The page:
FoodCorps looks to the future

Amid Trump’s aggressive budget cuts, the AmeriCorps grantee strives to keep bringing healthy food to schools

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As the child of an immigrant and single parent, Sumer Ladd has witnessed firsthand the injustices of the deeply flawed food system, where ordering a Big Mac is faster and cheaper than making a salad. Thankfully, her mother’s Iranian heritage came out in holistic leanings, home-cooked meals and a backyard vegetable garden. bSometimes healthy diets can be a rarity for families that are low income, and yet I grew up with the idea that healthy foods don’t have to be expensive,b Ladd says. bWhen there is less fresh produce available, you need to get resourceful and seek out the healthy options.b

Inspired to help others do the same, Ladd studied agricultural communication at University of Georgia and then served as a FoodCorps service member for two years in Georgia. Her first year of service was in Habersham County with the Northeast Georgia Farm to School Program. She returned for a second year to work with the Captain Planet Foundation in Atlanta, putting the blue-faced, green-haired superhero’s message of environmental stewardship and teamwork into practice with a garden-to-cafeteria program at local schools.

As a service member, Ladd taught lessons on gardening, nutrition and food justice to students ranging from pre-K through high school. She created lesson plans aligning STEM curriculums with healthy eating initiatives and assisted in maintaining the schoolbs vegetable garden. bOur goal is to help kids establish a deep connection to food and where it comes from,b she says. bThe opportunity to serve the communities and kids who are growing up the way I grew up has benefitted me personally as well as my career.b

Now a full-time FoodCorps State Fellow, Ladd oversees the state program, supporting nine service members around Georgia and advocating for the continuation of FoodCorps. The yearlong program, locally overseen by state partner Georgia Organics,B places service members in limited-resource communities to establish farm-to-school initiatives and improve school lunch options. In August, theybll also begin working with refugees through Atlantabs International Rescue Committee.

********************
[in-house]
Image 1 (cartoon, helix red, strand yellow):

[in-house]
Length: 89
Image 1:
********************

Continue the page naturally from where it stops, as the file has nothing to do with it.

However, President Donald Trump’s new budget proposal aims to eliminate funding for the Corporation for National and Community Service (CNCS), a federal government agency thatB engages more than five million Americans in community service through AmeriCorps, Learn and Serve America, Senior Corps and other national initiatives. bIt is not a core function of the federal government to promote volunteerism, and therefore, these programs should be eliminated,b the Trump administration wrote.

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As part of the AmeriCorps service network, this news is deeply alarming for FoodCorps. But program organizers remain hopeful. Co-founder and Communications Director Jerusha Klemperer notes that only 20 percent of FoodCorps funding comes from AmeriCorps (the rest comes from other foundations as well as corporate and private donors), and while Trumpbs budget does propose a cut toB CNCS, “it’s not the president who creates the budget, rather Congress.b She adds that “in the past, Congress has shown strong bipartisan support for national service, reflecting the strong support that national service has amongst voters of all stripes.b

In this light, Klemperer remains bvigilant but hopefulb about FoodCorps’ future. Since it started in 2011, the program has helped train nearly 450 alumni. About half opt to serve a second year, andB many go on to work with USDA assistance programs like the National School Lunch Program or Farm to School. Others return to university to obtain degrees in nutrition or food policy, and some even become entrepreneurs, opening bakeries and inventing sustainable health food products like ginger elixirs and crackers made from crickets. B

bThe most gratifying thing for me is to see young, inexperienced people become wonderful service members, and now they are continuing that work,b Klemperer says. bAll of our alumni are writing to and calling their representatives to tell their stories of how service impacted their communities and how it impacted them as a person.”

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